The Conditional Group (Types One, Two and Six)
This group moves towards others believing sex must be earned—that sex is conditional to certain behavior. For a Type One, the condition could take the form of needing to be a “good” boy or girl, such as being a diligent provider. For a Type Two, making sure that a partner’s actual and perceived sexual needs are met, or for a Six, simply being loyal, trustworthy and responsible in the relationship.
For a Type One healing involves acceptance (not sweating the small stuff) and realizing that perfection is not something that needs to be attained. So, a perceived judgement that something wasn’t “right”, such as your undies left lying on the floor, would not distract from the enjoyment of sex.
Learning to acknowledge they have their own sexual needs, (sometimes Twos can pridefully believe they have no needs), and to receive rather than give love, is helpful for Twos.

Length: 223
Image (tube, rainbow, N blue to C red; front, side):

Sixes benefit from learning to trust themselves and others and so as not fear what could go wrong during sex, such as premature ejaculation or a condom breaking. The more their anxiety increases, the greater the chance that their sexual enjoyment will be compromised. The more they trust in themselves the more their anxiety lessens and then they can truly be compassionate, present lovers.
The Retreating Group (Types Four, Five and Nine)
These three Types move away from others and disengage (retreat) hoping to fulfill their sexual needs. This sounds contradictory, because sex is about coming together, but for a Type Four, in “hiding,” (by being mysterious and exotic), comes the hope that a lover will move towards them to “find” them.
Fives, retreat because they fear a partner could become demanding and too reliant on them, yet their sex drive pushes them into engagement. When it all becomes too much, they often retreat to another country or a project.
Nines can withdraw by being dis-engaged, hoping that their lack of taking a stand (causing conflict) and merging with a lover’s needs will create greater harmony and consequently a pleasing relationship.